i overheard at breakfast today overhearing delegates from italy, ireland and germany talking. they were talking about corruption and how italy had no documentary funding because the government considered documentaries too dangerous. that's exciting! and horrible. i know that getting e&o insurance is so difficult that it makes making docs in this country almost impossible. still, people do it.
i met a young filmmaker today, victoria chan, who was inspired by my book "the magical life of long tack sam". she picked it up in the museum of chinese in america in new york city but moved to berlin four years ago. she is originally from montreal, and is studying documentary in the italian alps.
it was my last competition screening this afternoon. a friend from berlin, deborah, a child of holocaust survivors, by the way, came up to see it. she was very moved, and one of the only people in the audience who dared to laugh. bernice wrote an e-mail to see how it was all going. there was a panel discussion after the screening. i have to say, all the fears i had of questions have not been realized... not yet, anyway.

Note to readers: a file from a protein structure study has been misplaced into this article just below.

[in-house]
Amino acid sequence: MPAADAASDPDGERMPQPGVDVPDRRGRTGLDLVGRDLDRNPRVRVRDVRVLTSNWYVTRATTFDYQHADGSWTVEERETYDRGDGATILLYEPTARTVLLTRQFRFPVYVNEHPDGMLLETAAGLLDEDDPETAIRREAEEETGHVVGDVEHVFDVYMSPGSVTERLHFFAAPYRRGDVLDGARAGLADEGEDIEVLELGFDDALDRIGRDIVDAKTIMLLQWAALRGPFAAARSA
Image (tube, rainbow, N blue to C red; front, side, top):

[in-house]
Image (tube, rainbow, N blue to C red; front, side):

here are some pics from the animation panel. there's annegret, in the foreground, who invited me to leipzig, and magda in the background, who made a film "zibigniew's cupboard", from letters she found from her father during the communist occupation of poland. there's her puppet/father she brought to show.
afterwards, deborah and i went to the "nude visions" at the museum, where the DOK leipzig is based. most of the work is of women, and the few male nudes on show are either non-erotic (muybridge, for example), or also seemingly meant for the male gaze.
leipzig is home to bach and wagner. what a surprising city.
okay, so one more party, one more addition to my blog. . . i went to the storyville meets dokville party and spoke with jody shapiro, who is here with "how to start your own country" where he goes around and talks to people who are creating their own micro-nations, and finding out nobody knows what the definition of a country really is . . .